But, because it also tends to be lower in overall fat content, “grass-fed beef also possesses a distinct grass flavor and unique cooking qualities that should be considered when making the transition from grain-fed beef.” And they said if the meat is lean, “regardless of feeding strategy,” it is just as effective as a dietary means of reducing serum cholesterol as fish or skinless chicken.
Because grassfed meat is so lean, it is also lower in calories.
A 6-ounce steak from a grass-finished steer has almost 100 fewer calories than a 6-ounce steak from a grainfed steer.
Although grassfed meat is low in "bad" fat (including saturated fat), it gives you from two to six times more of a type of "good" fat called "omega-3 fatty acids."
• Finishing cattle of forages reduces animal performance.
• Finishing cattle on forages produces smaller carcasses with less fat and muscling, lower yield grades, and lower dressing percentages potentially due to greater ruminal fill, but quality grade is not necessarily affected.
• There are long held perceptions that foragefinished beef tends to have off-flavors (grassy, milky, fishy, sour), yellow fat, low tenderness, course texture, low juiciness, low consumer acceptability.
• Aided by cheap grain, large expanses of rangeland, and centralized meat-packers grain-feeding has a long history in the U.S.
• By 1916 the beef industry was divided into grassfed (summer) and grain-fed (winter).
• Research studies first appear on forage-finishing during the 1930s and 1940s.
• Government subsidized grain production has led to the dominance of the feedlot industry in the United States.
• Interest is renewed in finishing beef on forages during periods of high grain prices. As Oltjen et al. predicted in 1971, “In the future, it is quite possible that the cereal grains will become too expensive to feed to ruminants in large quantities because of the direct competition with the rapidly expanding human population.”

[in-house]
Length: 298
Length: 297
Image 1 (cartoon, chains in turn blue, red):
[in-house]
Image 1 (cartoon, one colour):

• Studies conducted in the 1970s comparing forage- to grain-finished beef revealed a trend of decreased overall acceptability of foragefinished beef compared to grain-finished beef.
• During the last decade, forage-finished beef research has focused on the positive attribute of finishing cattle on forages in response to growing negative perceptions of red meat.
Grass (Forage) Fed – Grass and forage shall be the feed source consumed for the lifetime of the ruminant animal, with the exception of milk consumed prior to weaning. The diet shall be derived solely from forage consisting of grass (annual and perennial), forbs (e.g., legumes, Brassica), browse, or cereal grain crops in the vegetative (pre-grain) state. Animals cannot be fed grain or grain byproducts and must have continuous access to pasture during the growing season. Hay, haylage, baleage, silage, crop residue without grain, and other roughage sources may also be included as acceptable feed sources. Routine mineral and vitamin supplementation may also be included in the feeding regimen. If incidental supplementation occurs due to inadvertent exposure to non-forage feedstuffs or to ensure the animal’s well being at all times during adverse environmental or physical conditions, the producer must fully document (e.g., receipts, ingredients, and tear tags) the supplementation that occurs including the amount, the frequency, and the supplements provided.